PerSimmons



When Dreams Collide

by Wm. Mark Simmons

 

 

CHAPTER FOUR: \RIPLEY\SIGMA

 

He awakes with a splitting headache.

That he awakes at all and with his head seemingly intact is enough of a tradeoff for the moment. He lies quietly, waiting for the temporary nausea and disorientation that usually accompanies program entry to pass.

Overhead, the stars twinkle against a backdrop of black velvet. He wonders--not for the first time--whether the Program creates an illusional canopy or if the vast depths of sky and space are analogued inside the Matrix. A Luna moth flutters close to his face, derailing his train of thought.

He sits up and the migraine fades with surprising suddenness. The fingernail sliver of a first-quarter moon is peeking over the horizon but it provides precious little light. It takes a few moments for his nightvision to kick in and several minutes more pass before he recognizes his surroundings.

"A drink," he murmurs. And struggles to his feet. He sways uncertainly for a moment and then straightens and studies the landscape. He can tell that he isn’t too far from the Tree but he is unsure of the direction. In the course of standing up he discovers that he is naked. And unarmed.

"What happened?" he wonders aloud. A Greek chorus of crickets scream an unintelligible answer and fall silent.

"Russian technology," he finally decides in a hushed voice. Sanctuary is no longer inviolate and he is at a definite disadvantage for the moment.

The first order of business is to get back to the Tree where clothing and armament are readily available. "And then a drink," he promises himself.

Maybe two.

He starts off across the glen, walking slowly and looking for landmarks in the near darkness. He is comfortable enough: no stones bruise his feet and it is warm enough that he can walk about sans clothing in comfort. As he searches his memory for directions, other images come to the fore.

Sky blue eyes and a great mist of brown hair touched with silver. Lips the color of coral and sunrise, luminous skin....

"Misty Dawn...." he whispers, remembering the Wood Nymph.

She died here, in his arms, professing her love and taking an arrow that was meant for him. What had made the circumstances all the more poignant was the fact that Misty Dawn had been modeled on Nicole Doucet’s likeness. As much as he had grieved for the Dryad, it had been like losing Nicole all over again....

Memories come flooding back like a tide of regret: he had buried her nearby. Between a silvery brook and the Faerie’s Dance, he had dug her grave, hedged it with white stones, and then tucked her into the sacred earth with coverlets of green ivy and white edelweiss.

Treading a pathway of memory, his feet have discovered the way: in a matter of minutes he is standing beside her grave-side.

It is much as he had left it, though the passing of another cycle of seasons has brought fresh growth. Already the moss and ivy has obscured the greater portion of the stone markers and a profusion of edelweiss is overrunning their perimeter. He wonders why his avatar has been neglectful of late as he sinks to his knees beside the small plot. He kneels there, lost in thought, while the stars turn and blaze overhead. And remembers....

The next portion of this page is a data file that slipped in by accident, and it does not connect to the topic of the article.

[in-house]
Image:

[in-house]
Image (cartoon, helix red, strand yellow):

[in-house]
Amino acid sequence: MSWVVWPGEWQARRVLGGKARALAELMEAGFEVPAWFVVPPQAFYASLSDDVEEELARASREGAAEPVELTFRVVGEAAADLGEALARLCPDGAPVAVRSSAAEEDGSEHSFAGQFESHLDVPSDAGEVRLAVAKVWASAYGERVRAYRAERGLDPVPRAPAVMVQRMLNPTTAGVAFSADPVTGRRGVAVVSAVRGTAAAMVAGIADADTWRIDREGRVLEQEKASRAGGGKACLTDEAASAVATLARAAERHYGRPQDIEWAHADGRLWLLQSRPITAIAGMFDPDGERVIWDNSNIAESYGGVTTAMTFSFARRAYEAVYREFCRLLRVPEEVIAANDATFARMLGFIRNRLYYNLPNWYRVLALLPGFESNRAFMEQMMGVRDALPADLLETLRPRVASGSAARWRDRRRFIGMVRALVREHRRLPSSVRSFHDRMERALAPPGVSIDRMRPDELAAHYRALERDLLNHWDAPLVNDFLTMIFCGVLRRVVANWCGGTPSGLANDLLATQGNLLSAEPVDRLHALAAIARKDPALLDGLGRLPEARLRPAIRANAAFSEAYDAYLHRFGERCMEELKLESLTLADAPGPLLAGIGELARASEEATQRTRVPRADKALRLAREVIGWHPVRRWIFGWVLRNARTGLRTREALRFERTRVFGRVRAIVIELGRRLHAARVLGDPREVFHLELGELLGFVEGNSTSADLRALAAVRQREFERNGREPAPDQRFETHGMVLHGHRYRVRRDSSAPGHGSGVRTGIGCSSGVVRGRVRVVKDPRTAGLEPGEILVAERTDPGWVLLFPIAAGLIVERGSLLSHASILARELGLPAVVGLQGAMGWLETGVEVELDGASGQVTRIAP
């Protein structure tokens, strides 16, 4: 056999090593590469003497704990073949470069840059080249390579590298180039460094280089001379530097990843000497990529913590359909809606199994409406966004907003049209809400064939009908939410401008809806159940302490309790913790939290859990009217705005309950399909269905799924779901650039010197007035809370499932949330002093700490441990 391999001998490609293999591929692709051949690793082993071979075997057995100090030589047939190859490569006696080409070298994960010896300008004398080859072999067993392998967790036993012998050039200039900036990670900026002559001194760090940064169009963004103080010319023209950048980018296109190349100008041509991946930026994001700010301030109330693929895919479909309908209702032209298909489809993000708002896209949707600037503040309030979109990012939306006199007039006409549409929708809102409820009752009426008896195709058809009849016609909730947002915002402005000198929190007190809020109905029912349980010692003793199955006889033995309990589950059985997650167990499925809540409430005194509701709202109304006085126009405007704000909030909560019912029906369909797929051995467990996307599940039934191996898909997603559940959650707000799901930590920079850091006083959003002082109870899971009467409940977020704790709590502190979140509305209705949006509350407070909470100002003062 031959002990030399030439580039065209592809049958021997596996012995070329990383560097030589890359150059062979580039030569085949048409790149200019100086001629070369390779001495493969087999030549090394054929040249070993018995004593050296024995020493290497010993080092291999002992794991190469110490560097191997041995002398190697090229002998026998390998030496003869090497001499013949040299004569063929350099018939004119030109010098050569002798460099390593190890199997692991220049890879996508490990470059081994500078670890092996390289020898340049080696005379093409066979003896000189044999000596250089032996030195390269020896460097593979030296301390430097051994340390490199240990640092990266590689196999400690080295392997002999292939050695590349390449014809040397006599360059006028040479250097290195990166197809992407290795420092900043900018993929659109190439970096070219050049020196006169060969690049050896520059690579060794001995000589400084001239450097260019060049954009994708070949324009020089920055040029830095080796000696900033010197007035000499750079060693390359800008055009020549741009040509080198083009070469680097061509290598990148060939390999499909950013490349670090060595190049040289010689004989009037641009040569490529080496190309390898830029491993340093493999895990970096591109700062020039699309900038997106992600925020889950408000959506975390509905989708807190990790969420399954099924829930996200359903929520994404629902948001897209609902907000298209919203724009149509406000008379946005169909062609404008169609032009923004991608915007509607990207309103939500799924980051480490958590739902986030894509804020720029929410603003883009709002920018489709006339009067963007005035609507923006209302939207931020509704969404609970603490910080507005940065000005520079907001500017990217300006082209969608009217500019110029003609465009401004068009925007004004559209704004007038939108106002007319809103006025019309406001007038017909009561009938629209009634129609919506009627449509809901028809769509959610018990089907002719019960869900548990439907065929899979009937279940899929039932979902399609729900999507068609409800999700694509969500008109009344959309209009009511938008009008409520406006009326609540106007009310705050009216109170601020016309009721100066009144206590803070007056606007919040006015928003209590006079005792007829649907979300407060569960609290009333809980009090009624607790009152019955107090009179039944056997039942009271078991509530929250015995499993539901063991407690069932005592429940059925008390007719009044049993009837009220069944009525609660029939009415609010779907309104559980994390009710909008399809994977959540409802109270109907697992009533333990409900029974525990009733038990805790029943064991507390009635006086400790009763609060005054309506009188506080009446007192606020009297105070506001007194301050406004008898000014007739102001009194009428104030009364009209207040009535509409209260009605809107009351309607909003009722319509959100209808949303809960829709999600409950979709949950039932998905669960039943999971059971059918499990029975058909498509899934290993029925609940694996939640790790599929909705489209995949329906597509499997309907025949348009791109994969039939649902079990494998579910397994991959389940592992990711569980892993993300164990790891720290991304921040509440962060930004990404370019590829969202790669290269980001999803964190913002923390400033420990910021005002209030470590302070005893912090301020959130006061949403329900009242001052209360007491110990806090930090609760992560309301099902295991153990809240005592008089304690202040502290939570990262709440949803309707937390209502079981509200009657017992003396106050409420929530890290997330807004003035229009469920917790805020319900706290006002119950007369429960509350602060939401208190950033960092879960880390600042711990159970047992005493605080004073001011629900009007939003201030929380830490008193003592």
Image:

A warm summer night and dancing at the forest’s heart...the salty tang of kisses mixed with tears....

A hand thrusting up out of the earth....

A hand thrusting up out of the earth!

He dodges backwards and falls as the ground around him begins to tremble. Vines are pulled and thrown aside as another hand appears. Then an arm.

He back-pedals and scrambles for a clump of shrubbery some twenty feet away. Throwing himself amidst the brambles, heedless of his unprotected skin, he lies flat, hoping to remain unobserved. He watches through a tangle of branches as the grave erupts in clots of dirt and torn ivy. And a body laboriously pulls itself out of the earth.

A portion of his mind is dispassionate even as he cowers in the foliage. How much time has passed? he wonders. How long was she in the ground? He squints, trying to discern signs of decay as she tears the tattered remnants of shroud from her body.

The night cloaks her in darkness, the branches dapple her in shadow, moist black earth cakes her uncertain flesh and he is only certain that it is Misty Dawn and that he is frightened by this midnight resurrection.

He watches in horrid fascination as she stretches languorously, arms reaching upwards as if to grasp the skies. Then she bends at the waist to touch her feet, runs questing hands over ankles and up her legs. And, as she laughs, her voice cracks as if unaccustomed to use. Its sound chills him and he shivers as she straightens and begins to look around. As her gaze sweeps the bushes where he lies huddled upon the ground, he presses his face against the grassy earth, willing himself to be invisible.

Long moments pass. When he raises his head again, she is gone.

He lies there for perhaps another half an hour before rising reluctantly. He does not want to encounter her in the dark, naked and unarmed.

He does not want to encounter her, at all.

The walk to the tree is a long and unsettling one. Leaving the glen he is encompassed about by a dense forest and it is only by trial and error that he finds the path most of the time.

The sky is predawn gray when he finally reaches the clearing where the giant oak rears nearly eight hundred feet into the air. Overhead, a latticework of bare limbs and branches contrasts the leafy boughs of the surrounding tree line.

He knows what happens to a Hamadryad when her tree is cut down or killed. But he has never considered what might become of a Wood Nymph’s enchanted oak if the Dryad were to die, first.

Reaching to unlatch the secret door hidden among the roots, he receives his next shock: his hand passes through the wooden door!

His body is as insubstantial as a ghost’s.

 

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